Tax breaks are beautiful things as it means the government is offering you a reduction in taxes. Tax breaks come in different forms, including the exclusion of income from tax returns or claiming deductions. In certain instances, tax breaks may not require any actions on your part. This is usually the case when you get a reduction on your income tax rate or an increased value of the exemptions available to you. Simply put, the right time to pay down debt is when you’re not putting yourself at risk of getting into another possibly bigger debt. This is one of those situations.

By now, I believe you’re familiar with the types of tax breaks that are most common. You get those yearly when you receive deductions which decrease how much is taxed from your income. The government is not mandated to offer these; however, when they do, it’s like Santa Claus coming to town as they present you with a tax break.

The federal government has been for ages allowing people to claim differing itemized tax deductions. This effectively offers you more in tax savings. As a result, there are organizations that provide people with debts with tax breaks. There is no reason to hasten to pay off debts when the opportunity to invest successfully presents itself.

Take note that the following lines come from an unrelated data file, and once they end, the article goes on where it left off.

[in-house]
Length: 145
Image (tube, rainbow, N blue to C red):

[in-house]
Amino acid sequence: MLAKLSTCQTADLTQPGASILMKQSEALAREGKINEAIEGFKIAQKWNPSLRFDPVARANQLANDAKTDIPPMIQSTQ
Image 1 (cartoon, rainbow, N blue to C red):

Generally, certain types of tax breaks, such as income exclusion, apply to a particular group of taxpayers — obviously, this for those who are proper and consistent with their tax payment.

Some tax breaks are designed to reduce your tax debt as opposed to simply reducing how much is taxable from your income. Whatever the tax break, you get to have less money going-away, and that is reason enough not to accelerate your debt payoff. However, it must be said again that your risk tolerance when it comes to not only your investing approach but your comfortability with how much debt you’re carrying cannot be overlooked. I think I should say once again for emphasis’ sake that if you can possibly get an income exclusion or tax break, you should invest that extra money. The point is not to rush off to clear a debt that’s not destructive when the money can be used to bring in more money.

Reason #5: When you must pull from retirement accounts to pay off debt